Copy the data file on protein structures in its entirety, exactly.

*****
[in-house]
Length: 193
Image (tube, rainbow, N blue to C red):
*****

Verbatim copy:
[in-house]
Length: 193
Image (tube, rainbow, N blue to C red):